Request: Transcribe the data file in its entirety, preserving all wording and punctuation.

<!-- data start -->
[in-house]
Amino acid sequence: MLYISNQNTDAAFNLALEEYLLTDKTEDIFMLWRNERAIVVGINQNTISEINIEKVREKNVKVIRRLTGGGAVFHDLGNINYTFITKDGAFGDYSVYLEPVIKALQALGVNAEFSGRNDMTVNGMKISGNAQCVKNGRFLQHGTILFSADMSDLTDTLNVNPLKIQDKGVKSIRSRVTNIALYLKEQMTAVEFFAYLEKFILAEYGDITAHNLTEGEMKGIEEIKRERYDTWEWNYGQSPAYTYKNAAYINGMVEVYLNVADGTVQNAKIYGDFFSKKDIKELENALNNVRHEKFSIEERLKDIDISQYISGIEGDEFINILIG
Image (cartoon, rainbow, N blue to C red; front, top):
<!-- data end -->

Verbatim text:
[in-house]
Amino acid sequence: MLYISNQNTDAAFNLALEEYLLTDKTEDIFMLWRNERAIVVGINQNTISEINIEKVREKNVKVIRRLTGGGAVFHDLGNINYTFITKDGAFGDYSVYLEPVIKALQALGVNAEFSGRNDMTVNGMKISGNAQCVKNGRFLQHGTILFSADMSDLTDTLNVNPLKIQDKGVKSIRSRVTNIALYLKEQMTAVEFFAYLEKFILAEYGDITAHNLTEGEMKGIEEIKRERYDTWEWNYGQSPAYTYKNAAYINGMVEVYLNVADGTVQNAKIYGDFFSKKDIKELENALNNVRHEKFSIEERLKDIDISQYISGIEGDEFINILIG
Image (cartoon, rainbow, N blue to C red; front, top):